Discussion in 'Stillwater' started by Jake Tucker, Jul 28, 2009.
Yeah, I don't doubt it. Probably because of the show, as opposed to when he's fishing for himself.
I also saw a video with Phil Rowley at Fortress lake catching huge brookies with a leech under an indicator. This lake is in Canada and in the mountains, they were fishing in the shallows where the bottom was all nasty snaggy trees. The indicator method kept the fly in the zone above the wood...looked fun! :thumb:
Pond Monkey, welcome to the board. Sounds like you have some good info to add :thumb:
yes, i happen to use them a lot especially after the fish have gorged themselves
on Chronies, they seem to key on small leeches to "pack" the chronies in
regarding Brian Chan, he is a great person, i was at a fishing show in spokane
a 2 years ago i believe and Brian was doing seminars there
if any of are close to vancouver/Abbotsford bc
there is a show usually the first weekend of march, Brian is always there
as well as Phil Rowley
"The tug is the drug"
I used it in May when I was up at Chopaka and couldn't keep the fish off. It was unbelievable.
don't stop at leeches and chronies. scud, dragons, damsels, you name it all fish well under an indicator. scud move a lot and dragons dart this way and that, but most of the time they are moving slowly or just hanging around. i think the reason the indicator works is that it slows down our retrieve. most trout food is incapable of moving as fast as we fishermen present it. a well placed indicator also places the food just above cover and those are the specimens that naturally get picked off. takes a lot of dicipline, and skill, to fish slow and near cover without an indicator, like Brian Chan's. Indicators are a pain to cast.
I`ve seen Brian Chan fishing more than once . Away from the cameras he will use indicators . Here in B.C , we`re allowed to use two rods if we are the only person in the boat . Brian will often fish one rod with an indicator , and cast and retrieve the other .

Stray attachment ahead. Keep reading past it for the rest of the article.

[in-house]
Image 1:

Watching him is amazing . Not just because he is a machine , but especially because even though he has caught many more fish than most people on the planet , he still gets excited by each and every one he catches , like a mere mortal would . The man just loves to fish .
He recently retired as a biologist and has left some big , big shoes to fill .
BTW , welcome aboard Bill .
What took you so long ?
Thanks Brian, that is some good and interesting info. Although I place Chan right up there with the great ones, I'm surprised to hear him get so excited about catching fish. I have attended several of his seminars in the past and although they were very informative, some of the guys I was with actually fell asleep as he was not too animated in his presentation. You could see the dry, biologist side coming out in him.
There is a proposal to get a two rod stamp in WA like you have in BC. I could see getting to to "plunk" one rod with an indicator and work a separate rod.
in bc you can only use one fly per rod in stillwater, no two fly setups like in wa. so you are still limited to the same # of flies. personally i have less trouble with two flies rather than two rods.
When he is wearing his professional hat , he is pure biologist , but in real life , he has a wicked sense of humor , and can become as excitable and passionate as anybody I`ve ever seen
always the last to see a great site
have been fishing a bit, more exploring, finally found that
little lake off douglas lake road, cost me a tire coming up from the
lake, but was worth it. planing a couple trips to Likley end of sept
had a great time with boatman last year, brother put me into a couple
also going to a fly-in around 100-mile sometime in sept
hope to see you on the adams
think there are numerous tips for different indicators on this site, but I'd like to get your ideas for best indicator type for fishing with mini (or micro) leeches...
I tried this technique at Merrill over the weekend, Brian Chan I am not!
I varied depths from about 5'-20' and used various colors (brown, red, black, black and red, red, olive), no luck.
Water was 68 on the surface and no significant hatches.
I've seen leeches in Merrill before.
I'll try again elsewhere under different conditions.
In retrospect (I've at least convinced myself) that this would be a great method to swim a hex nymph or emerger (something like a wiggler) down around the bottom, especially earlier in the evening when the bugs are making their ascent.
Even better while the wind is still up a little.
Now all I have to do is wait about 9 or 10 months to apply my theory.
I'll attempt to refine my methods over the winter on different lakes and different bugs.